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Sacramento, CA
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Profile of jcrambo
Not really sure where to start, but here goes...
My interest in magic began at a very young age when one of my uncles would produce pennies seemingly from nowhere upon command, I was too young to fully grasp the reality of what had happened and to me it really was magic. I understood that there must have been some way to perform those feats myself, but I didn't know where to start or which god to pray to in order to be granted those powers.

I eventually found a few kid's magic books at the public library and my passion for learning was ignited. Instead of asking for action figures and matchbox cars I was begging my parents to buy me Marshall Brodien trick decks, Tenyo products, and anything else that was able to make me feel like I could fool the world with about 5 minutes of practice. I thought I knew it all and that no one was the wiser. As I matured my interest in performing waned, but I still held on to these gimmicks as one does a coin collection or other rare souvenirs from days past, but also grew to understand that I pretty much knew nothing at all and everyone was in on it (they were nice about it, though).

Regardless, I continued to appreciate the art and science of magic, watching as many of the TV performances as I could and I always had my personal explanation for "how it was done." Of course I was probably 90% wrong. I experienced Copperfield, Burton, Mullica, Malone, McBride, Maven, Pendragon, and many others for the first time (often not even remembering their names, but the illusions instead). Outwardly, I was content with being fooled, but internally I always kept wondering and coming up with solutions that fit.

This innate need to know drove me in a different direction however. I've heard "Any sufficiently advanced technology is indistinguishable from magic", and for me that was computers. I became obsessed with computers, playing video games, programming, and cutting my teeth along with everyone else in the early years of the internet. Of course, I once again knew everything... until I realized I knew nothing. A common theme in my life, sad, but inspiring.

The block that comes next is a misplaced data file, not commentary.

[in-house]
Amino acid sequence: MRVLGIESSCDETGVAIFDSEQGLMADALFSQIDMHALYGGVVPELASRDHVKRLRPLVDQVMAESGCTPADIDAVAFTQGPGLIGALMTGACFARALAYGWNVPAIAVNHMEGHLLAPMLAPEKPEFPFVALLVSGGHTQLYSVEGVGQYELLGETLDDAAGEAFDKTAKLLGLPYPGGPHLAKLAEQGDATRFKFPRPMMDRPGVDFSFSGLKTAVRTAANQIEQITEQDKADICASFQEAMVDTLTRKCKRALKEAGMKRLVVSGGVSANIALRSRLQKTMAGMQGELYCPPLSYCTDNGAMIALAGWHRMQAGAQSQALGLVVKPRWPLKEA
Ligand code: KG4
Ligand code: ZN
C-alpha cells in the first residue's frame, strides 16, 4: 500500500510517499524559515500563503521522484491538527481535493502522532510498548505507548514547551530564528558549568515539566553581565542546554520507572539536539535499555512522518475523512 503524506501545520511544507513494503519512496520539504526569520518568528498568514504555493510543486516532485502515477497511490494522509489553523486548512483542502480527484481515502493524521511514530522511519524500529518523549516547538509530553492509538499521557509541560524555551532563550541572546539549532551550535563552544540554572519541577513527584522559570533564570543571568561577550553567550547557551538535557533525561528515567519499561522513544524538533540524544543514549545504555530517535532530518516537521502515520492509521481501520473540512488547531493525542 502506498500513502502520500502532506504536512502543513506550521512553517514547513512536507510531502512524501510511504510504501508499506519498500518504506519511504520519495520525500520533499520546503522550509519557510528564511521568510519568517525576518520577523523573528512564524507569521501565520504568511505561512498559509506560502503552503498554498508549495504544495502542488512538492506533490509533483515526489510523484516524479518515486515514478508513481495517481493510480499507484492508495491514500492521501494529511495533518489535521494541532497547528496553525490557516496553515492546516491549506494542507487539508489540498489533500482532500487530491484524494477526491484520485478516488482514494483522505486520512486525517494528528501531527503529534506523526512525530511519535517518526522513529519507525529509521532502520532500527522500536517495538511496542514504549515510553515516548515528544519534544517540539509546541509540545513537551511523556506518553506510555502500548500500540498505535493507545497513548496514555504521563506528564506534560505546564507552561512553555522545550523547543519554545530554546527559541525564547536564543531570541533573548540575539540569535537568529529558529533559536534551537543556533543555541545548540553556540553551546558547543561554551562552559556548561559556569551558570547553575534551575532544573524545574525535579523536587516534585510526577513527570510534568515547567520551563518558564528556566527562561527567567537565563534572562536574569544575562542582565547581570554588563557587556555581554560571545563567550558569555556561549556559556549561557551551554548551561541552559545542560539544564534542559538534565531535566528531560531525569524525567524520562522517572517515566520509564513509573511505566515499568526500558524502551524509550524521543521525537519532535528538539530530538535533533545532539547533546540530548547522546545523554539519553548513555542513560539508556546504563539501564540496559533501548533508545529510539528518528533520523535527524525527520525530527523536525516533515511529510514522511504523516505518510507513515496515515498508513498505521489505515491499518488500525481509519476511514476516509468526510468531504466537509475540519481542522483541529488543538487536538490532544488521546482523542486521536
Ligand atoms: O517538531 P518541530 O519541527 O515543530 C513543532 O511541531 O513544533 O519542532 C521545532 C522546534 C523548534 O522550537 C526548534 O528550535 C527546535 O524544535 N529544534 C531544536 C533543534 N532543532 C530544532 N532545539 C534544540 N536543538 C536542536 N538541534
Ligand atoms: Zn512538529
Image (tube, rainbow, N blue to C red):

I was driven to learn more and more, and I just knew technical college was in the cards for me. Many others though were not so certain of their futures, and in an effort to encourage us fine young students at the time that continuing our education was a good idea, multiple college recruiters were invited to speak with us. Their goal was to convince us to want to go, as I already did, I didn't see much need for them. No need at all, until one recruiter turned out to be a magician playing the role of a recruiter. Don't get me wrong, he was there to recruit and inspire, but it was more of a performance than a lecture for me.

He was engaging, asking trivia questions at first (tossing out swag for correct answers about presidents, chemistry, etc..), moving on to brass tax, and then opening for questions. Being polite, I asked for a business card to keep track of my options, not only did he give me the business card, but he did it by using a single card production technique. I was floored! This move I had seen only on TV before was right in my face and in an instant made me aware of his talent and my still lit passion for magic. I had to know how it was done. Fortunately, this man was in the business of education after all.

With my new understanding in place, I practiced the single card production every chance I had. I also turned to the internet to learn more about the move and I discovered additional sleights/moves. It lead to my discovery of the Jeff McBride Art of Card Manipulation series. I purchased them with my summer job money and watched the VHS tapes again and again, learning more moves, names of the originators like Cardini, Le Paul, Tenkai, etc... I practiced and practiced, really getting good at a few of them.

I started performing again for friends and family. Cards were appearing, disappearing, being fanned, cut, spun, and I was a kid again, knowing everything. This time though, I was really fooling them. Even my inspiring uncle was baffled, also admitting that my skills had far surpassed his own.